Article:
Jenette Goldstein Starting Over After 40: The Success Story of Jenette Bras

Being a card-carrying lifetime member of 'The Itty-Bitty-[you know what]-Committee', I've never had this problem, but apparently it's not all fun and flaunt for the genetically gifted woman: Having large breasts can not only be uncomfortable if the proper brassiere isn't fitted, but they don't always look right either.

Actress and model Jenette Goldstein, gifted with a curvy figure herself, saw a deficit in the lingerie department when it came to her needs, so she took upon herself to correct it by starting her own business -- Jenette Bras -- after she'd already enjoyed a successful career in the arts.

Starting over after 40 is becoming more and more prevalent thanks to some bad things (budget cuts from Social Security; changes in official retirement ages) and some good things (the rise in entreprenerialism with the advent of the PC and the proliferation of social networking; longer lifespans). Tina B. Tessina, author of 'The Ten Smartest Decisions a Woman Can Make After Forty,' says her motto is borrowed from female Victorian novelist George Eliot: "It's never too late to be what you might have been!"

-- See average salaries for people age 45-65.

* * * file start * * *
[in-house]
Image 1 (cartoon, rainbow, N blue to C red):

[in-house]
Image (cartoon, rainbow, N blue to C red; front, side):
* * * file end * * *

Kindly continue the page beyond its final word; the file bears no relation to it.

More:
Tessina explains: "Women often reinvent themselves after 40, because before then, a woman's life is usually about other people: parents, boss, children, husband, etc. After 40, some of those relationships have changed a lot, freeing women up to be 'who they might have been.'

"It's a scary, exhilarating adventure, and definitely takes courage. But, then, so does being an actress, giving birth, and love -- things women do a lot. Overcoming fear is a great way to grow your soul -- and become a happier, wiser and more fulfilled person. Yes, there might be disappointments and problems along the way, but that happens even if you stay inside your house; so it's worth the risks to get out there and do what you want to do. No one ever succeeded without overcoming fear, disappointment and obstacles. It's how you learn."